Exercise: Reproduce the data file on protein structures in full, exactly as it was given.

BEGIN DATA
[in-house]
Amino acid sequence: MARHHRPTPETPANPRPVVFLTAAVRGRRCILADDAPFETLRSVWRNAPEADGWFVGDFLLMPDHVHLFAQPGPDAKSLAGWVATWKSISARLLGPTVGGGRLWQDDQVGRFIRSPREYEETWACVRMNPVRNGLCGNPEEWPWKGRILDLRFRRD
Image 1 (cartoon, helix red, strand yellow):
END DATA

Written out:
[in-house]
Amino acid sequence: MARHHRPTPETPANPRPVVFLTAAVRGRRCILADDAPFETLRSVWRNAPEADGWFVGDFLLMPDHVHLFAQPGPDAKSLAGWVATWKSISARLLGPTVGGGRLWQDDQVGRFIRSPREYEETWACVRMNPVRNGLCGNPEEWPWKGRILDLRFRRD
Image 1 (cartoon, helix red, strand yellow):